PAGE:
David Giler is an American filmmaker who has been active in the motion picture industry since the early 1960s.
He started his career as a writer, providing scripts for television programs such as Kraft Suspense Theatre and The Man from U.N.C.L.E.. He then moved to screenplays in the 70's, helping to write films such as The Parallax View and the original version of Fun With Dick and Jane.
He produced his first film in 1970, the critically reviled Myra Breckinridge, an adaptation of Gore Vidal's controversial novel.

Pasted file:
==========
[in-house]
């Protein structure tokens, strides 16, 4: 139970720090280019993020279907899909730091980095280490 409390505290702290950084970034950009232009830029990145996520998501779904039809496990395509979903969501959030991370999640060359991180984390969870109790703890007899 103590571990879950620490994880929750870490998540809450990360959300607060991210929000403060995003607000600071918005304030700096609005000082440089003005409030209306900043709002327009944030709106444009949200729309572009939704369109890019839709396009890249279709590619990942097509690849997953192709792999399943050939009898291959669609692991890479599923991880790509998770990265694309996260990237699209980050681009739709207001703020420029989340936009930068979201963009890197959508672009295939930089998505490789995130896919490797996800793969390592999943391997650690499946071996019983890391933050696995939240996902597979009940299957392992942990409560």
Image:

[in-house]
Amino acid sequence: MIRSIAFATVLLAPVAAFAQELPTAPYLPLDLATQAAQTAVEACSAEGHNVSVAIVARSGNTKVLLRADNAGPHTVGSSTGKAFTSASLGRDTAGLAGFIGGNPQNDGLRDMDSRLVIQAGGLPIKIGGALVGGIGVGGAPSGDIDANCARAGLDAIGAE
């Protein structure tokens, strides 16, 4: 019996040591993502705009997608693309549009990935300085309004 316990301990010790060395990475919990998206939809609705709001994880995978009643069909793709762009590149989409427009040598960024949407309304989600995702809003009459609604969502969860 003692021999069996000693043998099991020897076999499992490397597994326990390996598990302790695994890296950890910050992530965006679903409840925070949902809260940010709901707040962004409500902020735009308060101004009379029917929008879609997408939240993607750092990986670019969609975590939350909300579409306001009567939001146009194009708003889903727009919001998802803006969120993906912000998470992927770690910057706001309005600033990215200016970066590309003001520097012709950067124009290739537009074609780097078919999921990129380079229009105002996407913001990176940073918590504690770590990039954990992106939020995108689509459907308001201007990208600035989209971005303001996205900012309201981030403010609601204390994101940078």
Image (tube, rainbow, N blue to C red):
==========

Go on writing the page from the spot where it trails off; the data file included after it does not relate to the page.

He then helped Walter Hill produce the legendary horror thriller Alien in 1979, and it is for this film that he is probably best remembered. He and Hill became embroiled in a much-publicized behind-the-scenes fight with Alien's original writer, Dan O'Bannon, over who was to receive screenplay credit. Giler and Hill claim that they completely rewrote the script from top to bottom, and therefore they wanted to relegate O'Bannon to a "story by" credit only. O'Bannon claims that they did little more than change the names of the characters and dialogue, and felt that the two were trying to bully him out of the more prestigious screenplay credit. As evidenced by the interviews on the supplemental DVD features, the two parties were extremely antagonistic when it comes to this topic, though O'Bannon was the only one to receive credit for the screenplay in the final film. The various drafts can be found online, allowing audiences to decide for themselves.